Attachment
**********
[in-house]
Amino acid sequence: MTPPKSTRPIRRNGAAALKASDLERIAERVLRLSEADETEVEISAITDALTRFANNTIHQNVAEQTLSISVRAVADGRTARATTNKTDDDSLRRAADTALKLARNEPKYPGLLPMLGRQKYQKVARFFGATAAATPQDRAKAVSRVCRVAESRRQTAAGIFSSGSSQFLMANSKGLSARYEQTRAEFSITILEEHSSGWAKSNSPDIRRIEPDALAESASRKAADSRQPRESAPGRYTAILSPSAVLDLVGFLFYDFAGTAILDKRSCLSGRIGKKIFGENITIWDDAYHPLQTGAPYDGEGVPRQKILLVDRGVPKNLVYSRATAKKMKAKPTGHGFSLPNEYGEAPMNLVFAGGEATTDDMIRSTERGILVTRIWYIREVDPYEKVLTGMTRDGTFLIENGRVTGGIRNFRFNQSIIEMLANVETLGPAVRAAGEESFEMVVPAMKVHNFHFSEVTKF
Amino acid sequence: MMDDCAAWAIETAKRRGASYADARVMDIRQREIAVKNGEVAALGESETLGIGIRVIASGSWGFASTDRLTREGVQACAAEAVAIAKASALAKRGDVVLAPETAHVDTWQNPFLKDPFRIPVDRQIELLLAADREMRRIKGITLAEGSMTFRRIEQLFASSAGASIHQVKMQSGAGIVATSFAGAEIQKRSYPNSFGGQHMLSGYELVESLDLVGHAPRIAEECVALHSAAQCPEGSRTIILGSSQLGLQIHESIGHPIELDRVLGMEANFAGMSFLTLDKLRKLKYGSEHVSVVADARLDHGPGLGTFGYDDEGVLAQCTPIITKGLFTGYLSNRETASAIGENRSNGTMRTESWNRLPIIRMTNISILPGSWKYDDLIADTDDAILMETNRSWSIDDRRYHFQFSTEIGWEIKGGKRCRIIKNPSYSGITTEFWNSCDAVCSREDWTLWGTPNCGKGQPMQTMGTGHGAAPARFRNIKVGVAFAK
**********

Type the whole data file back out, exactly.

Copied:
[in-house]
Amino acid sequence: MTPPKSTRPIRRNGAAALKASDLERIAERVLRLSEADETEVEISAITDALTRFANNTIHQNVAEQTLSISVRAVADGRTARATTNKTDDDSLRRAADTALKLARNEPKYPGLLPMLGRQKYQKVARFFGATAAATPQDRAKAVSRVCRVAESRRQTAAGIFSSGSSQFLMANSKGLSARYEQTRAEFSITILEEHSSGWAKSNSPDIRRIEPDALAESASRKAADSRQPRESAPGRYTAILSPSAVLDLVGFLFYDFAGTAILDKRSCLSGRIGKKIFGENITIWDDAYHPLQTGAPYDGEGVPRQKILLVDRGVPKNLVYSRATAKKMKAKPTGHGFSLPNEYGEAPMNLVFAGGEATTDDMIRSTERGILVTRIWYIREVDPYEKVLTGMTRDGTFLIENGRVTGGIRNFRFNQSIIEMLANVETLGPAVRAAGEESFEMVVPAMKVHNFHFSEVTKF
Amino acid sequence: MMDDCAAWAIETAKRRGASYADARVMDIRQREIAVKNGEVAALGESETLGIGIRVIASGSWGFASTDRLTREGVQACAAEAVAIAKASALAKRGDVVLAPETAHVDTWQNPFLKDPFRIPVDRQIELLLAADREMRRIKGITLAEGSMTFRRIEQLFASSAGASIHQVKMQSGAGIVATSFAGAEIQKRSYPNSFGGQHMLSGYELVESLDLVGHAPRIAEECVALHSAAQCPEGSRTIILGSSQLGLQIHESIGHPIELDRVLGMEANFAGMSFLTLDKLRKLKYGSEHVSVVADARLDHGPGLGTFGYDDEGVLAQCTPIITKGLFTGYLSNRETASAIGENRSNGTMRTESWNRLPIIRMTNISILPGSWKYDDLIADTDDAILMETNRSWSIDDRRYHFQFSTEIGWEIKGGKRCRIIKNPSYSGITTEFWNSCDAVCSREDWTLWGTPNCGKGQPMQTMGTGHGAAPARFRNIKVGVAFAK